This is how it’s going to work. I’m going to have thoughts. And then those thoughts will find their way here. So this is a series. Of thoughts. Published randomly. For no reason. Thank you for coming.

Shrinkage is another kind of degrowth

The word of the day, or at least the word I’ve been thinking about lately is: degrowth. I know, I have a dirty little filthy perverted mind. But I’ve been thinking about degrowth because in many ways that’s what seems to be going on. Not everywhere, but certainly in much of the world. What is a plague but a hard stop? A reset of sorts. (In Quebec, because of the plague, deaths outnumbered births last spring for the first time on record — the population continues to grow because of immigration though I can’t imagine too many people are migrating anywhere by choice these days…). So degrowth. The term, when used, um, in a professional setting (and not, I don’t know, on a porn set) is normally heard among environmentalists as a strategy/philosophy to set things right in the world, to ensure the continued survival of the species because they have figured out the radical notion that you can’t continue to live in a house if that house is on fire.

This doesn’t seem like a hard thing to understand, but, of course, it is a hard thing to comprehend. We don’t like being told we can’t consume. Or grow. Because without growth, there is less…consumption. Which is bad for people who make things the rest of us consume. Which is almost everyone. So we get Black Friday sales the Friday before Black Friday. China’s economy (and because it’s China, the world’s economy as well) turns on Singles Day. Look at some of those numbers. No, not some. Look at ALL of those numbers. They are mind boggling. All that… shipping. (This leads me to another aside — hence the parentheses! — I watched a presentation about the circular economy and I started to think about…labelling. Why not label all consumer products? List not just the “ingredients” but the carbon footprint across the entire supply chain. In other words, the true cost of the product you’re about to purchase. Why not? I’m sure the food industry in every country cry foul when required to label all food.)

And then thinking of degrowth, I get to…Trump. I’m sorry. HE’S HARD TO AVOID. But he seems like a Neanderthal (which makes this ironic). An evolutionary dead end. He won in places where the plague was soaring, because of course he did. It’s bad in places it’s not taken seriously and those are his people. And he’s going down fighting, lighting things on fire, then taking some of that fire, and lighting other things on fire. And his followers, who love fire, and even accept being burned by it for the most part, are decamping to other places where they can light more things on fire. Look, as long as they keep it among themselves, great. Have fun. But just don’t ask me to light things on fire. Or set me on fire. You can have all the rights in the world, but you lose that right the moment it impacts me. Then my rights come into play. Someone once said I have the right to punch you but I lose that right the moment my fist hits your face. Something like that. Honestly, this is how I feel about religion as well. Have fun. Just have fun without me.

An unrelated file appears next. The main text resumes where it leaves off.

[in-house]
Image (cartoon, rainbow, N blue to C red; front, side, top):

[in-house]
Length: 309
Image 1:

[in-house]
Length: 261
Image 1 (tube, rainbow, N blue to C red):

Speaking of degrowth: I know John Lennon said “imagine there’s no countries” (and that’s a promising start for a song — it’s the first line! — but then in the final verse he gets to “no possessions” and by then you’re like, easy for you to say John you already have everything you’re ever going to need) but, um, try. “It isn’t hard to do.” This piece tries to combat the wave of nationalism (which is almost always ugly, like 95% of the time) with an idea that progressives should latch on to it to form a new kind of global thinking. I’m not so sure. The plague and the climate shows globalism is needed to fight global problems. Yes. But local solutions are best sourced locally. I’m all for no borders. But I also understand that I want the local fire department and hospitals (etc) to be run by my neighbours. I’ve long been enamoured of the concept of city-states. But then you have those hinterlands and what are they going to do? My take away: Humans are complicated. Where’s my Nobel?

And what could be more degrowth-sounding than the fact that the world’s birth rate is in freefall? This is a good thing all around. It means we are more prosperous, and that women are being educated and empowered. All good! Resources are finite and we need to live within our limits. Some countries have shown that low growth (or no growth) need not harm prosperity in general. Like Japan, for example. But there’s also this: sex toys. Or more precisely, sex robots. There will be social ramifications when sex robots become a thing. Which is happening. I read this article about sexbots and could not stop thinking about it. Or the idea of “uncanny vulvas.”

Finally: do you remember the first rule of fight club? Of course you do. I thought everyone knew the first rule of fight club. But these people didn’t. Neither did these people. If enough people know about your fight club that they can write jokes about your lack of following the rules of fight club you have definitely not followed the first rule of fight club. Or dance club. Secrets don’t remain secrets on social media. That’s the first rule of social media for those who aren’t too sure.

Except for this dance club. Which should be shared far and wide. It feels like the perfect metaphor of the human condition. Not just right now, but forever.

Writer. Complainer. I drink bourbon. I have edited media, worked in content and branding and strategy, and chances are I’ll do those things again. @arjunbasu

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